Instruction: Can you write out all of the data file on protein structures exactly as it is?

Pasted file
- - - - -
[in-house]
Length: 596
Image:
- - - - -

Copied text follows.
[in-house]
Length: 596
Image: